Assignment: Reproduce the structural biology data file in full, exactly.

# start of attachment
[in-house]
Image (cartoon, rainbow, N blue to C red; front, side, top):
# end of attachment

[in-house]
Image (cartoon, rainbow, N blue to C red; front, side, top):